On December 1st, Dr. Nicole Plenty discussed IIH and Pregnancy. As over 95% of people affected with The term idiopathic is used when there is no detectable reason for something. Click the term to read more intracranial hypertension (IIH) are women, it is important to understand how these two conditions are interrelated.
Dr. Nicole Plenty is an OB/GYN and Maternal Fetal Specialist Physician with over 14 years of experience in treating women with high-risk, pregnancy-related conditions. She is an To self-advocate in your health is to communicate your needs Click the term to read more for women’s health and generously devotes her spare time to community outreach.
Here are some key points of her lecture:
- No matter what medical condition you have during pregnancy, you should not stop treatment. It may require an alternative method but should continue to be actively managed.
- If you have IIH and are pregnant and develop severe and rapidly progressive vision loss, the best treatment is an A surgical procedure performed that allows cerebrospinal fluid to pass around the optic nerve freely Click the term to read more (optic nerve sheath fenestration Click the term to read more)
- Many medications used for IIH are teratogenic in mouse studies but have not been proven in humans, therefore one with IIH may be safe to stay on certain medications during pregnancy. This should be reviewed closely with your providers to discuss risks versus benefits of therapy.
- Opiates should be avoided or minimized during pregnancy to prevent neonatal abstinence syndrome.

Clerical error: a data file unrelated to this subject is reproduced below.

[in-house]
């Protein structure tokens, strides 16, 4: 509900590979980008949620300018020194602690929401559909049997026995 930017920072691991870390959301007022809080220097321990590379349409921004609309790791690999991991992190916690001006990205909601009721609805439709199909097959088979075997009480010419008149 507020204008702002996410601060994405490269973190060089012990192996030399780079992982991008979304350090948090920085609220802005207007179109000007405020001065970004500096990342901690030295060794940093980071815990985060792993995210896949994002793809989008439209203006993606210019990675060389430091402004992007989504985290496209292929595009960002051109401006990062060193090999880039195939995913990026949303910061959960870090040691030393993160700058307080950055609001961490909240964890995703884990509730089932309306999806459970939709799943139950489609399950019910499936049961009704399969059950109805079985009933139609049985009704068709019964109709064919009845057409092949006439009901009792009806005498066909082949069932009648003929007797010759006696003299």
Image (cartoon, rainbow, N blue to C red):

- NSAIDS is a class of drugs such as ibuprofen and naproxen that should be avoided during pregnancy, especially in the second and third trimester to prevent premature closure of the ductus arteriosus of the baby
- Women who have IIH can have a normal (vaginal) delivery. Studies have shown that women with elevated intracranial pressures (and controlled symptoms) can safely push for up to 4 hours.
- A lumbar puncture (LP) can be performed during pregnancy but care to avoid fluoroscopy during the first trimester.
We would like to thank Dr. Nicole Plenty for her dedication to her community and tireless outreach. If you would like to see her as a patient, you can find her information and others who are comfortable in treating and diagnosing IIH here. You can also visit her website, Pregnancy Pearls where she shares all of her expertise via several media outlets.
We would like to thank everyone for attending our live monthly webinars throughout the year and will be announcing our next guest lecturer in the next few weeks.